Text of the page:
Museum Camp

A project of the
Santa Cruz Museum of Art & History

Karma Hat

  • Mapping-it-Out

    We started big and serious but ended with a more directed and fun project.

  • The-Mad-Hatters

    We didn't know if the hats would be so popular they disappeared. So we needed backup hats and models to wear them.

  • Karma-Hat

    This is the intended attitude.

  • Leave-Your-Mark

    Visitors were encouraged to leave their mark on the hat to receive their good karma.

  • The-Mixer-Hat

    The final product!

Team Members

Justin Collins
Rosa Camacho
Danya Sherman
Bill Convery

What was your hypothesis?

There will be a higher level of social interaction at the MAH on the 2nd floor compared to the 1st during First Friday.

What indicator did you measure?

Willingness to engage with strangers

How did you measure it?

We decorated two "Karma Hats" and handed them to First Friday visitors with the following instructions:

Want some good Karma?
Pass this hat to a stranger to wear before leaving the floor!
(And don't forget to write your name in the hat)

Over three 30-minute periods on First Friday (Aug. 1, 2014), team members split into pairs and tracked visitors as they passed the hat to strangers. One pair circulated on the 1st Floor and one on the 2nd floor. One team member tracked the hat exchange, while the other used a clicker counter to count of visitors on the floor (averaged over 3x in 30 minute period) to calibrate the frequency of exchange. We tracked each exchange for Gender, Ethnicity, Stranger/Not Stranger, Time Hat worn. We also tracked for length of conversation, but that data was not easily recordable, and we discarded it.

In general, team members tried to let the hat exchanges take place organically. Team members only intervened in the following circumstances:

Visitor did not attempt to exchange hat more than 10 minutes (2-3 times; team member prompted exchange). Possible reasons include comfort with hat, shyness,
Visitor abandoned hat (2 times; team member recovered it and initiated new exchange)
Visitor attempted to take hat to different floor (3 times from 1st to 2nd; team member recovered hat and initiated new exchange on same floor)

What did you learn?

The average total number of people on the first and second floor remained roughly even during each half-hour session. The first floor sociability, measured in ratio of exchanges to visitors on each floor, always favored the 1st floor over the 2nd. If our assumption that a high ratio of exchange equals high sociability between strangers is correct, then conditions on the first floor tend to favor social interaction over the second floor.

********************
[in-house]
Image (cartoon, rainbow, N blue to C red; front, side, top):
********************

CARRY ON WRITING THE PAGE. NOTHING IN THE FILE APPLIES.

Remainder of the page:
Our data appears as follows:

Session Floor # Exchanges # Visitors (Avg.) Ratio: Exchanges to visitors
5:30-6:00 1st 20 31 65%
5:30-6:00 2nd 8 28 29%

6:30-7:00 1 12 88 14%
6:30-7:00 2 6 62 10%

7:30-8:00 1 24 87 28%
7:30-8:00 2 18 86 21%

A second possible indicator of sociability was that more people were willing to sign the hat on the first floor than the second. 61 visitors signed the 1st floor hat out of 54 exchanges. (Some visitors had their groups sign the hat before they exchanged it). 35 visitors signed the 2nd floor hat out of 32 exchanges.

We also tracked exchanges between gender and ethnicity. The data shows that 1st floor visitors were more comfortable exchanging to strangers of a different gender than on the 2nd floor. 2nd floor visitors tended to exchange more (and sometimes exclusively) to strangers who shared their gender.

Exchanges between people of different ethnicities were generally the same on both floors, occurring between 15% to 20% of the time for all but one session. The 2nd session on the 2nd floor was a significant outlier, occurring 60% of the time. The small sample size (n=6) probably accounts for the discrepancy.

Session Floor # Exchanges % Same Gender % Diff. Gender
5:30-6:00 1st 20 47% 53%
5:30-6:00 2nd 8 29% 71%

6:30-7:00 1 12 45 55%
6:30-7:00 2 6 0 100%

7:30-8:00 1 24 48 52%
7:30-8:00 2 18 47 43%

Session Floor # Exchanges % Same Ethnicity % Diff. Ethnicity
5:30-6:00 1st 20 79% 21%
5:30-6:00 2nd 8 86 14%

6:30-7:00 1 12 82 18%
6:30-7:00 2 6 40 60%

7:30-8:00 1 24 83 17%
7:30-8:00 2 18 82 18%

Any surprises?

Visitors didn't always behave as expected. Some (mostly men) accepted the hat and didn't pass it along without a prompt. Two 1st floor visitors abandoned the hat without exchanging it. One person, perhaps covering shyness, remarked "I think I'm just gonna keep it." He held onto the had until prompted by a team member to exchange it, and then did so reluctantly. Visitors sometimes had difficulty exchanging the Karma Hat, despite several offers. One wearer focused on the idea of signing the hat, and solicited 4-5 signatures while keeping the hat for himself. Ultimately, he gave it away. We observed many behavioral dynamics that are not relevant to our study but would be worth further study on their own.